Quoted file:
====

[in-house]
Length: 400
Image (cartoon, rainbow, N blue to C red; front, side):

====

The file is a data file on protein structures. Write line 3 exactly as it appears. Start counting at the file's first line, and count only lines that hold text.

Image (cartoon, rainbow, N blue to C red; front, side):